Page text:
You’re right, it’s a good thing to manage CLL for as long as one can. I am hopeful that I’ll be able to keep my numbers down even eradicating it but for now I want to be able to see what works for me.

I also was in contact with Lingle couple years ago. He was strictly vegan though while curing his CLL. Great guy and willing to help.

As always, I enjoy and always learn something from your posts.

To Great Health.

Thanks, Nathalie. Exciting to hear that mushroom is working for more than two of us! The other interesting thing is that when I was Macrobiotic in 2005 – 2007, initially my WBC and other numbers returned to where I’d been when first diagnosed. But later they came back up (and down) to the wrong places, and I developed other nutrient-deficiency problems with low iron anemia, osteoporosis, gum recession (yikes). I do much better as an omnivore. I eat one or two decks of cards (volume) of animal protein each day.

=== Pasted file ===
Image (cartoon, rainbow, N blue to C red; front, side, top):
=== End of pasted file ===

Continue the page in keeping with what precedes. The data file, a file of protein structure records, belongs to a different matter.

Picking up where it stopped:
I learn from everyone’s posts as well! All best, Denise

Congratulations on the newest addition to your family Denise. Thank you so much for answering my questions. What you say makes all the sense in the world. Looks like I better get to work! As far as your cost for supplements goes, that’s not a lot of money at all considering your keeping your CLL in check. I’ve spent way more on stuff that’s no where near as important as my health.

Thanks Again,

I forgot to also say, I took cordyceps for a while in pill form. I didn’t think it was working that well then until I started looking at my notes. In any event the brand I was using is Oriveda and expensive. I don’t think I’ll add it again for a while unless my numbers don’t stay stable. I ordered directly from the manufacturer and took forever to arrive. I know it’s also sold on Amazon but I don’t as a rule get my supplements there. I’m sharing just in case someone would like to try it.
Denise, thanks again for this blog.